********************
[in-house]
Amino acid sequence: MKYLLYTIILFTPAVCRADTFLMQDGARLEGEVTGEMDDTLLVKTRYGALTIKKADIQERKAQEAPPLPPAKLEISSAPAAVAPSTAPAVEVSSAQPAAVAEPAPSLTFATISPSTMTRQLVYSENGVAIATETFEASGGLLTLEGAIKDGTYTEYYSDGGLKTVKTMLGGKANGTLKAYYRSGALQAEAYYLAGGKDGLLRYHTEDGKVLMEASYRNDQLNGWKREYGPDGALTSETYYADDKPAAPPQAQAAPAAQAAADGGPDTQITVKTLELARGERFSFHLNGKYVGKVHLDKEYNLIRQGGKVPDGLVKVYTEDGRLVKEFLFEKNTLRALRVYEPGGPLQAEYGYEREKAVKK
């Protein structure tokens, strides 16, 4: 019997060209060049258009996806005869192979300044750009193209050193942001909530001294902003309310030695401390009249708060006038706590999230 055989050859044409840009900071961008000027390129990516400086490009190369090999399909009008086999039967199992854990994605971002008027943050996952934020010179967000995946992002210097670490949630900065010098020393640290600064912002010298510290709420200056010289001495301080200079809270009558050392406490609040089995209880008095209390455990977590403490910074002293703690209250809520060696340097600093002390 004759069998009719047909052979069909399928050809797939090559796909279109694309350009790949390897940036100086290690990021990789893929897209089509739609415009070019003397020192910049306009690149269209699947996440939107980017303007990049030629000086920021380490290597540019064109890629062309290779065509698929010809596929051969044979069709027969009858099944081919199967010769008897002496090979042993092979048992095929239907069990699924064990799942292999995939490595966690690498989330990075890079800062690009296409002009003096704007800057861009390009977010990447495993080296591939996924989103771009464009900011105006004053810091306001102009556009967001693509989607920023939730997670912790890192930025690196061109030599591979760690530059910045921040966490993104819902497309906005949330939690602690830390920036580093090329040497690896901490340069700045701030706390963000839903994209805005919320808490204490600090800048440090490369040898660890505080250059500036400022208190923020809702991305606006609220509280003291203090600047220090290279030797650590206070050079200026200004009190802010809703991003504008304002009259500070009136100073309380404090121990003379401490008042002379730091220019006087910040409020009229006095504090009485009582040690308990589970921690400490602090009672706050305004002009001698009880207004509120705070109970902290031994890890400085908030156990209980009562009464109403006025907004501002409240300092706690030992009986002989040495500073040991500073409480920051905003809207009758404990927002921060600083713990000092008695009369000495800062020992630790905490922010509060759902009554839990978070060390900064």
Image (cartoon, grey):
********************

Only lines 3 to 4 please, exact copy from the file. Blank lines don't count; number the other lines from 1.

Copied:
């Protein structure tokens, strides 16, 4: 019997060209060049258009996806005869192979300044750009193209050193942001909530001294902003309310030695401390009249708060006038706590999230 055989050859044409840009900071961008000027390129990516400086490009190369090999399909009008086999039967199992854990994605971002008027943050996952934020010179967000995946992002210097670490949630900065010098020393640290600064912002010298510290709420200056010289001495301080200079809270009558050392406490609040089995209880008095209390455990977590403490910074002293703690209250809520060696340097600093002390 004759069998009719047909052979069909399928050809797939090559796909279109694309350009790949390897940036100086290690990021990789893929897209089509739609415009070019003397020192910049306009690149269209699947996440939107980017303007990049030629000086920021380490290597540019064109890629062309290779065509698929010809596929051969044979069709027969009858099944081919199967010769008897002496090979042993092979048992095929239907069990699924064990799942292999995939490595966690690498989330990075890079800062690009296409002009003096704007800057861009390009977010990447495993080296591939996924989103771009464009900011105006004053810091306001102009556009967001693509989607920023939730997670912790890192930025690196061109030599591979760690530059910045921040966490993104819902497309906005949330939690602690830390920036580093090329040497690896901490340069700045701030706390963000839903994209805005919320808490204490600090800048440090490369040898660890505080250059500036400022208190923020809702991305606006609220509280003291203090600047220090290279030797650590206070050079200026200004009190802010809703991003504008304002009259500070009136100073309380404090121990003379401490008042002379730091220019006087910040409020009229006095504090009485009582040690308990589970921690400490602090009672706050305004002009001698009880207004509120705070109970902290031994890890400085908030156990209980009562009464109403006025907004501002409240300092706690030992009986002989040495500073040991500073409480920051905003809207009758404990927002921060600083713990000092008695009369000495800062020992630790905490922010509060759902009554839990978070060390900064």
Image (cartoon, grey):